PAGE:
Above all we must keep in mind this is a Rambo action film, so we know a peaceful Rambo will be lured from a self imposed retirement to kill hundreds of highly trained soldiers all by himself in various violent ways.

The many moods of Rambo #13: Wistful.

To that end Rambo (4) succeeds, the mega shootout that ends the film has an epic body count – and I’m sure if someone ever bothered to count it would easily top the 100 soldiers purported to be the total enemy force – and Rambo is suitably low key and reluctant until the switch is pulled.

As an informative tale of human drama you might be better served sticking with Hotel Rwanda, but as an entertaining shoot ‘em up you can’t go past Sly, even nearly 30 years on from his first action flick.

Final Rating – 7 / 10. Sly once again pushes all the right buttons. Don’t expect to be blown away though, (that only happens to the naughty guys in the film).

Quadrilogy Summary

Criticising Sly Stallone for continually going back to the well is like bagging American Idol; easy, warranted and pointless. As Simon Cowell might say “Stop watching you gormless morons and we’ll stop making it”. Then he would go back to counting his money and shrinking his T-Shirts.

Stallone supplies a product with precious little value or purpose, but it is lapped up again and again by a very profitable demographic. Hence the unnecessary sequels.

To summarise the Rambo quadrilogy is easy: First one good (not Great). Second, third and fourth practically replicas of each other. All at worst OK. At best… OK.

In truth Rambo movies are like what Rage Against the Machine albums once were. Every four years or so RATM or Sly would release exactly the same product, but as it had been a few years since the last one the market was ready for more and lapped it up. But then a mere couple months later consumers realised ‘wait this is the same as the last’, and sales stopped.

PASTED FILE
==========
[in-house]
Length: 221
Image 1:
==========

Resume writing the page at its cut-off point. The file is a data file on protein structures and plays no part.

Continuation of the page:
Four years later, memories wiped by various energy drinks and mountains of fast food, those same punters line up again for the next installment.

Who knows, if steroids defy the aging process Sly just might have a couple more Rambo films in him, and against my better judgment I just might line up again myself…

Full Stop.

About OGR

While I try to throw a joke or two into proceedings when I can all of the opinions presented in my reviews are genuine. I don't expect that all will agree with my thoughts at all times nor would it be any fun if you did, so don't be shy in telling me where you think I went wrong... and hopefully if you think I got it right for once. Don't be shy, half the fun is in the conversation after the movie.
This entry was posted in Film, Movie Marathons, Movie Reviews, Sly Stallone, Superstars, Worthwhile Movies. Bookmark the permalink.